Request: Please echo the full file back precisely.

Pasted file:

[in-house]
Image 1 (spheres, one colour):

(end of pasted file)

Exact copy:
[in-house]
Image 1 (spheres, one colour):